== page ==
Lake Takeout -- Tender And Mild, Crawfish Are Capturing Cooks' Attention - Especially Since Local Waters Offer Ample Supplies For Great . . .
Seattle Times Staff Reporter
They're strange to look at, no doubt about that.
Stranger still when you spot them scuttling along the bottom of a freshwater lake or stream - not really where you'd expect to find a critter resembling a small lobster, complete with claws, spindly legs and long antennae.
They're crawfish (or crayfish), of course, but even if you've lived in Washington for years you may be unaware we have them here - or that they're edible.
As country kids, my friends and I frequently found crawfish in the local creeks where we played, but we never thought of eating them, or knew that you could.
Now, as Washington crawfish turn up in more and more seafood shops and a few supermarkets, more people are discovering you can eat them - and they're pretty darn good.
Summer, when they're most plentiful, is a good time to give them a try, although the season runs from early May through October.
"People buy 'em like crazy," says Greg Caluya of Ohana Seafood Market in Crossroads. "They used to be dirt cheap," but prices have risen with rising interest. They were about $4 a pound at several stores this week.
Crawfish are still small fry, saleswise, compared with big kahunas like salmon or crab, but Jon Daniels of City Fish in Pike Place Market says they do sell about on a par with scallops or black tiger prawns.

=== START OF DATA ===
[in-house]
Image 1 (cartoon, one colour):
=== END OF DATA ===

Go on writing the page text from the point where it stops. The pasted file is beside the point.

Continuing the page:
Louisiana crawfish, also available here, are more famous. They're big in Cajun and Creole cooking and the star attraction at
mondo crawfish feeds down South.
But the Washington cousins are actually larger; extra-big ones can reach 8 or 10 inches. And to some minds they're better than their Southern relatives, with a less-muddy taste.
When we tried some local crawfish in The Seattle Times Test Kitchen, the taste varied. Some had a clean, fresh taste, others slightly muddy, but all were very mild.
Many of the crawfish sold here start out just minutes away, in Lake Washington. The lower Columbia River is another chief source.
Among a handful of commercial crawfish catchers plying Lake Washington are Owen and Kym Kvinge. They lay down a 1,200-foot line studded with baited wire pots, or traps, and pull them in every couple of days.
"Right now, I can't keep up with my orders," though it's still a small operation, something to supplement his winter crab fishing in Alaska, says Owen Kvinge.
The Kvinges put up with one of the minor hazards of crawfishing - getting pinched by the claws, which aren't big but can still draw blood. "I get pinched a couple times a day," says Owen.
A question some people ask is whether Lake Washington is a clean-enough source for a catch used as food.
But Morris Barker of the Washington State Department of Fish and Wildlife says the lake's pollution problem was cleaned up years ago - and its crawfish were probably safe to eat even before the cleanup.
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